I just completed a book by Dr. Stanley D. Frank called Remember Everything You Read, and I must say it was good. It teaches the Evelyn Wood speed reading system. I would recommend it.
Although it is a book about speed reading, even the title drives home the point that the goal is not just to read faster, but to comprehend and retain what you read.
According to the book, the way most of us read is called “linear subvocal reading.” We scan a line of text from left to right and sound out the words in our heads. Some people even mouth the words.
Why do we read this way? The book doesn’t speculate, but I would venture a guess: It is an artifact of being taught to read phonetically. We are taught to “sound the words out” from the very start of our careers as readers, and we never stop.
Linear subvocal reading is useful. You should keep it as a tool in your reading tool chest. Use it for poetry. In poetry the sounds words make adds to the pleasure of reading and contributes to the meaning of the work. Use it any time you want to slow things down and savor or deeply analyze the exact words, the exact grammar, the exact construction of a passage.
But linear subvocal reading is obviously inefficient. It is limited by the speed of your mental voice, and it activates parts of your brain that should be unnecessary for reading. You are translating text into imaginary sounds, then translating the sounds into meaning, then assembling those meanings into bigger ideas.
The meaning-processing center of your brain is faster than your mental voice, so your brain gets bored and starts looking for other input. You get easily distracted. You often have to re-read passages over and over, even if the ideas in them are not particularly challenging.
If the forest is the overall meaning of a passage, and the trees are the words used to assemble that meaning, linear subvocal reading can lose the forest for the trees.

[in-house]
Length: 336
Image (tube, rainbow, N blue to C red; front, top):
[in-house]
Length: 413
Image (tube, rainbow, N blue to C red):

So, one of the surprising points made by this book is that reading slowly can actually hurt comprehension! And I believe this is true.
Don’t read phonetically. You don’t need to sound the words out in your head to make sense of them. Instead, read as if the words on the page were hieroglyphics. Translate them directly into their meaning. “Accept visual, as opposed to auditory, reassurance as you read.” (p69)
The Evelyn Wood approach also involves hand motions on the page while you read. The motions guide your eyes and help you resist regressing over material you’ve already read (and actually understood just fine the first time). It also tries to teach you to read vertically instead of linearly, and to read in layers.
The layers thing is very interesting. You don’t just look at the text once. First you get an overview, then a preview, THEN you read it, then you do a post-view, and finally you do a review. This all happens quite quickly, and in my experience (albeit limited, so far) it works beautifully. You read faster, yes. But more importantly, your comprehension and retention goes up.
The goal of reading should be to absorb the meaning out of written passages, not to engage in the exercise of sounding out the words at 250 WPM for its own sake.
Now, let me step out of cheerleader mode for a moment. I do have BIG doubts that you could increase your reading speed to 1,000 WPM or more without reducing comprehension. At this point in my implementation of these techniques, that seems impossible to me. On the other hand, it is said the Kim Peek could scan a different page of a book with each eye, skimming through the text in this way at lightning speed, and retain 90% of what he had read. By some estimates he read 10,000 words per minute.
So I’ll reserve my judgment for now on what is impossible. And as for what is probable, I think it’s probably true for most people that they can increase their reading speeds at least a little without sacrificing comprehension.